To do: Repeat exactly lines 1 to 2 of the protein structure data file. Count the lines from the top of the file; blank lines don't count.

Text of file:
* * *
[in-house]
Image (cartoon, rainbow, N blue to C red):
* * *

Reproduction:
[in-house]
Image (cartoon, rainbow, N blue to C red):